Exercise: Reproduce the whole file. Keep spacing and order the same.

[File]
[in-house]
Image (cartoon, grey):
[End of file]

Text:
[in-house]
Image (cartoon, grey):